Although I review books fairly regularly, and post them on Amazon or Goodreads, I don’t often post them here, on aliisaacstoryteller. The reason for that is that there are some fantastic book review blogs out there who do it far better than I can. However, Skallagrig is unlike any other book I have ever experienced, and I find my thoughts returning to it often, so I would like to share it with you.
NOTE: This book is no longer in print, or available in e-book format, a great shame in my opinion. I obtained my paperback copy second-hand through Amazon.
An Amazing, Emotional Read. May 14, 2013
By Ali Isaac
This book was recommended to me by a friend, as it deals with the subject of disability. This is close to my heart, as I have a daughter with a rare syndrome. I have to say, this story quite blew me away, for many, many reasons.
Although the book was written and published in the 80’s, I was surprised to find that it is not available as an E-book on Kindle. William, if you ever see this, I hope you will consider doing just that. However, I was lucky enough to get a paperback copy second-hand.
Even before you begin to read, there is something haunting, and powerful about the title, and the front cover image.This is not an easy read. The story is, at times, rambling. It is often brutal, and bleak in its descriptions of life for the disabled in years gone by, to the point where it is quite hard to take.
Part One starts in 1927 with the heart-rending story of a young boy named Arthur, who is torn from his family and institutionalised, because he has cerebral palsy. There he is mistreated and abused, but the belief that the Skallagrigg will one day come and save him sustains him as the years pass by. We then move to 1982, when we meet the main protagonist of the story, Esther, who also has CP. Understanding has come a long way since 1927, and Esther’s circumstances are very different to Arthur’s, although difficult in their own way. Finally, the narrator introduces himself, a systems analyst and computer programmer from Birmingham. How are they all linked, we begin to wonder.
Well, it’s complicated. The narrator comes across a computer game called Skallagrigg. This floors him; Skallagrigg is a word he has heard before. It is the only piece of information his father passed onto him about his ancestors. Desperate to find out what it means, he becomes obsessed with the game, and so he begins his quest to find the Skallagrigg.
Part Two is where the story really began for me, with the intriguing story of Esther’s life. The depiction of a vast intelligence locked within a body which cannot be controlled to speak or walk is touching, and compelling. Regardless of her disability, Esther manages to make friends, go to school, and excel at her studies. She is not always likeable, but she is real, convincing in her flaws, and in her incredible strength and determination. With the introduction of computer technology, Esther suddenly finds she has a voice at last, and now her spirit is soaring free, her mind unencumbered by the limits of her unwieldy body.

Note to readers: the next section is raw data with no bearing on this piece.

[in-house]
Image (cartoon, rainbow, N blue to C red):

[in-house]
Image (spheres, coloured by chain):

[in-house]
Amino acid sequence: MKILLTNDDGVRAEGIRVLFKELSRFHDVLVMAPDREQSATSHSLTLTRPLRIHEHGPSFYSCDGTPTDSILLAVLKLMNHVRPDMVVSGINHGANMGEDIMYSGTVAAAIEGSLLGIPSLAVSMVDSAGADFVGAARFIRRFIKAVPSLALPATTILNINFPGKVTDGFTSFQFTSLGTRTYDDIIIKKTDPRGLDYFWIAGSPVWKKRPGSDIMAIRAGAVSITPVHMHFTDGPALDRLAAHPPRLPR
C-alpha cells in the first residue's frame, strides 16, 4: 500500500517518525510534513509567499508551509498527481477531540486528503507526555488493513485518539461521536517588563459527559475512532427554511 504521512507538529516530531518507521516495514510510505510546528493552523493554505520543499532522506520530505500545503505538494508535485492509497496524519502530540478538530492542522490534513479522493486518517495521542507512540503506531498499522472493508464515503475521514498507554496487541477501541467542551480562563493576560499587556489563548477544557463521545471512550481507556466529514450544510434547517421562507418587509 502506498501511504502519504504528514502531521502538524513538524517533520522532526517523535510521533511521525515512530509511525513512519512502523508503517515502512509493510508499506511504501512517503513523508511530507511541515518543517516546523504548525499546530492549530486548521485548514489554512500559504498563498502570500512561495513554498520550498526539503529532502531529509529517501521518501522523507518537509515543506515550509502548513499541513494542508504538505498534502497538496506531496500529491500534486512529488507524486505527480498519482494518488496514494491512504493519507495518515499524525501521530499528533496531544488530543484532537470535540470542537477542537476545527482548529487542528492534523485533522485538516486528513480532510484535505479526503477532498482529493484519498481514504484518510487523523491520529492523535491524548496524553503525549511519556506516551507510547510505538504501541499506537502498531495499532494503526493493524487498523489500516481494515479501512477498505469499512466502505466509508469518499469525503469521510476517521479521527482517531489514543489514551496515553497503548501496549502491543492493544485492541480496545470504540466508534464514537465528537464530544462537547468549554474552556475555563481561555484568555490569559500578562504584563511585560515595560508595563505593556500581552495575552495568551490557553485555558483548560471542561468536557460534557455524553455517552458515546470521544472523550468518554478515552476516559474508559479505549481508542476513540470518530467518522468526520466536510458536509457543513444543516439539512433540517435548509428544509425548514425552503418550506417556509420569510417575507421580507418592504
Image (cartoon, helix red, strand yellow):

In Esther’s world, the legends of the Skallagrigg are never far away. Always, they centre around a boy named Arthur. As she collects these stories, she comes to realise that they must be true, and sets out to find him, for where he is, so must the Skallagrigg surely be.
Does she find Arthur? Yes, she does. Is the meaning of the Skallagrigg revealed? Yes, it is. Do we discover the connection between these three characters? Yes, we do, yet the story does not have the satisfactory, cosy, comfortable conclusion one might expect.
I will tell you no more about the plot; this is a book you need to read for yourself. It will open your eyes to the plight those with special needs face every day, and the difficulties their families must overcome. It explores relationships, not just among the disabled. It examines people’s attitudes towards special needs through the years. It debates society’s responsibilities to care for these people, and protect their rights. It’s a fictional story, but based on fact, and the writer’s own experiences with his daughter, Rachel.
There were times when I wept as I read; for all those children like Arthur who were so cruelly abused and shunned by the rest of humankind; but also because I had been through so many similar situations with my daughter, as Esther did with her father. I felt I learned a lot; this is not mindless entertainment, it is a story you have to work at, and all the more rewarding for it.
It is a story which I know will stay with me for a very long time.
You can get your copy here.